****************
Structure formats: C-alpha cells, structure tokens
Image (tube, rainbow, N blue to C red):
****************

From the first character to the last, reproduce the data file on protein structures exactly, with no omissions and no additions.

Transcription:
Structure formats: C-alpha cells, structure tokens
Image (tube, rainbow, N blue to C red):